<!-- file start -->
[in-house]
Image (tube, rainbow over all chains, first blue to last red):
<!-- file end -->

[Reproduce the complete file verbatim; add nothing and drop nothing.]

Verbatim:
[in-house]
Image (tube, rainbow over all chains, first blue to last red):